Uddhav Thackeray, Chief Minister of Maharashtra, currently facing a revolt from his own Shiv Sainiks this evening spoke his heart out to Maharashtra and his party - all on a webcast given his Covid positive status.
Uddhav Thackeray, usually considered a reticent leader, especially when compared to his fire-breathing father Bal Thackeray, realized during the second wave of the pandemic that communication can be a remedy - he used regular fireside chats to assure Mumbai that his government was available at all hours to help the city survive the onslaught of a raging positivity rate.
It is therefore ironic that the current crisis - nearly 30 of his party's 57 MLAs have turned against him - has been pumped up by the impression that Thackeray, 61, is an uncommunicative leader, impossible to reach. In today's webcast, which lasted 18 minutes, Thackeray was emotionally available, often teary-eyed.
Faced with the very real possibility that his party could split - rival Eknath Shinde needs just another 7 MLAs to make that possible - Uddhav Thackeray was unguarded, stating that he is ready to quit as Chief Minister. "My letter of resignation is ready," he offered, if Eknath Shinde guarantees that only another Sainik will replace him in office.
It was a truth-or-dare challenge thrown by Uddhav Thackeray at Eknath Shinde, explicitly asking the rebel to prove that his sole motive is not to ensure the return to power of his sponsors, Devendra Fadnavis and the BJP.
Uddhav Thackeray also declared, "I am the son of Bala Saheb, I am not hungry for any post," refuting Eknath Shinde's claim to be the true successor of the founder of their party. Much of the speech was infused with his typical self-deprecatory style, honed over years of living in Bal Thackeray's shadow.
Uddhav Thackeray also made it clear that Sharad Pawar and Kamal Nath, both senior leaders of his allies, have assured him of their continued support.
Sharad Pawar, who put together the three parties in an unlikely mash-up in 2019, came in for particular notice with Uddhav Thackeray saying he had told him to become the Chief Minister and an incredulous Thackeray thought it was a joke because he had no administrative experience.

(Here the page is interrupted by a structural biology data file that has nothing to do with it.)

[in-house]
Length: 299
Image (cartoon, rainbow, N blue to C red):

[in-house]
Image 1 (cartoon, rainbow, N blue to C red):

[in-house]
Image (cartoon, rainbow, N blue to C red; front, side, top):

Uddhav Thackeray spoke without the aid of a teleprompter and you could hear the homey sounds of traffic and birds chirping in the background, adding to the portrait of a wounded man let down by his own.
Significantly, Uddhav Thackeray did not once mention the BJP by name though the distrust created by it was the subtext of the entire address. The BJP is now giving up the pretense that it has nothing to do with the Sena rebellion and is owning it publicly, with the rebels having moved from the party citadel of Gujarat to another BJP-governed state, Assam, where Himanta Biswa Sarma, increasingly trusted by party boss Amit Shah as a trouble-shooter, took time out from the disaster management of the floods to meet-and-greet the Sena rebels. After Uddhav Thackeray's aides were able to meet the rebels in Gujarat, the BJP deemed it safer to fly them to the North East, where it will be tougher for Team Thackeray to make effective overtures.
Two rebels have signed out of Eknath Shinde's camp with wild tales of kidnapping and injections being forced on them. Sources say that in fact, Eknath Shinde claimed that he was taking them to a Sena dinner in Thane where they found officials of the Gujarat police waiting to escort them to Surat and the waiting BJP.
The Thackeray family and the Sainiks have a particularly emotional connect. Uddhav Thackeray's intent was to invoke that and have the cadre come to his rescue. The damage report for the Chief Minister is pretty grave - he stands to lose not just his office but control of the political party created and run for decades by his father. Earlier stalwarts who quit like Raj Thackeray and Narayan Rane did not veer close to bringing down the house of Thackeray - that distinction now rests with Shinde.
It is significant that Thackeray, right after his webcast, met with Sharad Pawar. To win the fight of his life, he needs the senior mastermind as much as the Sainiks.
(Swati Chaturvedi is an author and a journalist who has worked with The Indian Express, The Statesman and The Hindustan Times.)
Disclaimer: These are the personal opinions of the author.